02.15.2019 01:15 AM

Happy birthday

Many guys will understand what I mean when I say this: your father is both a bit of light, and a bit of shadow, over your path through life.

Mine, T. Douglas Kinsella, MD, OC, would have been 87 years old today. So many years after we lost him, he remains a constant in our lives. He still illuminates some of the path. Without even being here, he still quietly persuades me to examine the choices I have made.

Me? I have made bad choices. I have been reckless and cruel with too many. I have not lived by the single rule he left us.

“Love people, and be honest,” he said to us, and I often feel I have done neither.

He saved many lives as a physician, and he won accolades, and he was a member of the Order of Canada. But for us – my brothers, my nephew he raised, my closest friends – he was the man we aspired to be. Not for the distinctions he received, but for how he was, in his soul.

He was unfailingly honest; he was kind to everyone he met. He married his high school sweetheart, and was with her every single day for 50 years, and my God how they loved each other. We would sit there at the kitchen table in Calgary or Kingston or Montreal, and we would listen to him. He’d listen to us, too, and persuade us to try and figure things out. There were some great times, around that table.

The best thing is having a father like that. The harder thing is knowing that you will never be like him.

I had a dream that he died in 9/11; I don’t know why, but I did. I woke up weeping, and remembered that I wasn’t a boy anymore, and that he has been gone for more than a decade. I don’t think he would like what his son has become. I mostly don’t.

So I put on my pants and shoes, and went out into the day, looking for what’s left of the path.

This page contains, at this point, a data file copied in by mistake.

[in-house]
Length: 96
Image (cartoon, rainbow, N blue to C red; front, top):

Happy birthday. I miss you.


  1. the salamander says:

    .. walk in beauty .. it will be enough

  2. Robert White says:

    MD Kinsella was a healer that walked on a healer’s path in life.
    LLB Kinsella is a litigator that walks on the path of a fighter in life. Two different paths for two different people with shared perspective & bonds. One was a teacher that taught lessons in negotiation of life’s paths & choices to the next generation that took up the fight that life provides plentifully.

    Read _Maps of the Mind_ by Charles Hampden-Turner.


  3. Gord says:

    I always enjoy reading your tributes to your Dad. As my own father enters his autumn years I find they have greater significance to me.

  4. Nasty Bob says:

    Last time I saw your dad he was giving a lecture at the law school in the very same classroom where you now teach -so apparently you haven’t wandered too far off the path. Had a nice chat with him after, on the way to the parking lot, that comprised about 90 % of humble-braging about his son.

  5. Jack says:

    You bear a strong resemblance to your father.

    Sincerely admire and relate to your reverence of him.

  6. Trevor Toop says:

    It’s not just you. Everyone has the same struggle. While I had my share of beefs with my parents when I was a teen and in my 20’s, because I had a very naive view of life that went with my lack of experience. I now understand how ethical and kind my parents were through many ups and downs of life, they always chose the high road. Sadly our generation on down, tends to go for the easier road. Me included. Maybe the realization of that is still enough to one day make them proud.

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